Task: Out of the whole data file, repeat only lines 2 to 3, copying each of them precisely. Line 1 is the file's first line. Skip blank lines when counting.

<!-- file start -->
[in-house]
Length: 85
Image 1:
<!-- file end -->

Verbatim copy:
Length: 85
Image 1: